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Professor promotes healthy lifestyles from the Valley to China

Pamela Hodges Kulinna
September 28, 2011

For Arizona State University physical education professor Pamela Hodges Kulinna, opportunities to promote physical activity and healthy lifestyles can be found almost anywhere. And she seemingly is willing to reach out to people anywhere, from China to a Native American community in metropolitan Phoenix, to help people lead healthy lives.

In recognition of the excellence of her scholarship and leadership, Kulinna recently was elected as an Active Fellow by the National Academy of Kinesiology. She became one of only 165 Active Fellows nationwide, representing fields including physical education pedagogy, biomechanics, sport psychology, exercise physiology and motor behavior.

Kulinna is a professor in ASU’s Mary Lou Fulton Teachers College, which offers one of the few programs in Arizona that prepare future K-12 physical education teachers. Teachers College bachelor’s, master’s and doctoral programs specializing in physical education are offered on ASU’s Polytechnic campus.

In one of her numerous outreach projects, Kulinna along with colleagues Paul Darst, Connie Pangrazi, Hans van der Mars and their graduate students partnered with the Salt River Pima-Maricopa Community Schools (SRPMCS) in a four-year initiative to develop healthy and active schools. SRPMCS is one of the leaders in implementing schoolwide initiatives promoting healthy behaviors, including running/sport clubs, classroom physical activity breaks, integrating student healthy behavior knowledge across the curricula, an active wellness committee, before/lunch/after-school physical activities, and exclusively serving healthy food at the schools.

SRPMCS teachers reported, and pedometer-collected data showed, that students’ weekly physical activity minutes exceeded the national recommendations and that these physical activity patterns were typical of U.S. children. Students increased their healthy behavior knowledge related to the food and physical activity pyramids over the course of the project. Classroom teachers and students reported enjoying classroom based physical activity breaks and integrating healthy behavior knowledge across the curricula.

“Dr. Kulinna’s work has impacted the culture of these schools by partnering with school personnel to help students adopt healthy lifestyle behaviors and beliefs,” said Suzanne Painter, director of the Division of Educational Leadership and Innovation in Teachers College. “Pam was ahead of the curve on this, recognizing that healthy habits are not simply taught through a health textbook, but that information must be accompanied with changes in the way children and adults think about these behaviors and engage with each other to change. This work exemplifies ASU’s New American University goal of social embeddedness – working to improve our local communities.”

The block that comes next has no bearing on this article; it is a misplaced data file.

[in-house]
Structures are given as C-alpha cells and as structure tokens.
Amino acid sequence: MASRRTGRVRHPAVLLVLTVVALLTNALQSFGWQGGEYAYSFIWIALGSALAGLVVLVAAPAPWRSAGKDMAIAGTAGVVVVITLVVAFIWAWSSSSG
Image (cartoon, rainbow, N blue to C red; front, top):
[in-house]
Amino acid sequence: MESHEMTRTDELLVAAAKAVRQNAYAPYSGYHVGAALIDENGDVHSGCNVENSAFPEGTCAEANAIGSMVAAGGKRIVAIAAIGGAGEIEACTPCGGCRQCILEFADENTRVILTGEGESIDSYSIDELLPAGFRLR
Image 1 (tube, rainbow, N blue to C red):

Kulinna’s work also is touching local communities halfway around the world. She was one of a group of educators the Chinese Ministry of Education approached to write chapters for a series of textbooks focusing on kinesiology from a Western perspective. Authors were selected from universities across the U.S. as well as Ireland and Australia. Kulinna wrote the chapter “Beyond the Gym: Connecting with Classroom and Community” for the book “Learning for a Lifetime: Effective Secondary Physical Education Programs.” Her chapter addresses brain function and academic benefits of physical activity, physical fitness and physical education, as well as creating healthy and active school environments.

She and other chapter authors, who worked with Chinese scholars to translate their texts, will visit China from late October to early November. They will attend two conferences at universities in Beijing and Suzhous City that will focus on research methods and best practices in teacher education. Kulinna will make a presentation at each gathering and lead roundtable discussions.

This upcoming trip comes on the heels of a trip to Minneapolis and the annual meeting of the National Academy of Kinesiology, where Kulinna officially became an Active Fellow. She also was selected to deliver the New Fellow Response 2011, which will be published in the organization’s spring newsletter.

“I am humbled by this acknowledgement and to be part of the National Academy of Kinesiology’s long and distinguished history,” Kulinna said. “Being a Fellow in the Academy means many things to me, including an opportunity to grow and shape the discipline in academic and other settings. It also provides me with networking possibilities by way of national and international multi-disciplinary colleagues who embrace a shared vision of the importance of kinesiology to society.”

A prolific author, Kulinna has authored and co-authored academic journal articles focusing on a wide range of topics, including teachers’ efficacy in teaching healthy behavior content, literacy programs for homeless children, teachers’ attributions and strategies for student misbehavior, and models for curriculum and pedagogy in elementary school physical education.

“Pam is an excellent mentor for doctoral students, an extremely hard-working faculty member and a wonderful citizen of the college,” Painter said. “She is fully deserving of the national and international recognition that her work is receiving.”

Kulinna earned her Ph.D. in kinesiology and sport pedagogy at the University of Illinois at Urbana-Champaign, after earning bachelor’s and master’s degrees in physical education and human movement studies at the University of Oregon. She came to ASU in 2003 after holding positions at institutions including Wayne State University and the University of Illinois at Urbana-Champaign.